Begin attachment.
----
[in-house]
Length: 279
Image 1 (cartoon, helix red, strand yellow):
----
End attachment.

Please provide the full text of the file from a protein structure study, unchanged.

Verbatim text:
[in-house]
Length: 279
Image 1 (cartoon, helix red, strand yellow):